Invited to her sister Robyn’s Thanksgiving party, we see Krisha arrive and slowly make her way into the large family house, a place she’s clearly uncomfortable with from the word go. The meeting between this estranged character and her extended family goes with bouts of pleasant awkwardness, as they exchange hellos, short talk with that raised tone of politeness, show her around the house, the room she’ll be occupying where she meets one of the family dog, and so on, and so on. It’s a long sequence where Krisha, our main character, is seen in the edges of the frame, always, mute, a spectator in a party she may not revel in but has come to anyway, observing but vaguely lost as the hustle and bustle circles around her, restless.

Once these exchanges are over and Robyn is off to go fetch her mother, leaving Krisha with the sole task of overseeing the turkey, things start to unravel only slightly. Trey Edward Shults keeps the camera in almost constant movement while at the same time he plays some discordant music in the background that slowly begins to mirror Krisha’s own psyche (if telegraphing it a little too loudly). Interspersed in between scenes where she’s alone in the house (as other guests are huddled in their own corners, self-involved in television or small talk) are scenes with Krisha and her brother in law who seems to have been given the best lines in the picture and chews on them with gusto as he moves a conversation topic from having to tolerate his wife’s penchant for dogs (12 of them) to the topic of Krisha herself.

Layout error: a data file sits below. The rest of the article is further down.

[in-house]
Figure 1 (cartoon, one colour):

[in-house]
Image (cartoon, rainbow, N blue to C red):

Which is something Krisha does not wish to share with him and thus with the movie goer. When that conversation ends, somehow, Krisha starts to progressively unravel. Moving around the house she becomes privy to a private conversation, but that’s not what interests her: we’ll come to know what it is, soon enough as she opens and closes cabinets with the stealth of a burglar.

Without disclosing what happens, it’s safe to say that Krisha morphs into the gaping wound it was always bound to be once she in desperation locks herself in the bathroom and does something unthinkable after meeting her mother, who is senile, and seeing how shut out she is from her family, especially her son. While the scene that unravels is extremely tense, it doesn’t, even then, complete the picture and leaves too many unanswered questions. All you manage to get from the movie is that the woman is clearly a walking disaster and that perhaps her sister is better off in shutting all forms of communication from there on. Other than that, this is a pretty stylish picture, with shots that draw you into the story, but leave you no closer to solving the riddle Krisha is. Where Krisha suffers the most I believe is in its dialog: too much reeks of indie dialog spoken on the improv, and how many times has one heard the “I’m just trying to find myself” in pictures like these?

Too many. Even so, Krisha is a striking debut from a young director who knows his way around setting a mood and enhancing visual suspense with even mundane elements and cutting in between time frames to present a final, broken yet intact whole.